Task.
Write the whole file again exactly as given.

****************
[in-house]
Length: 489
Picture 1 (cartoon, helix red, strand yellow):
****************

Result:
[in-house]
Length: 489
Picture 1 (cartoon, helix red, strand yellow):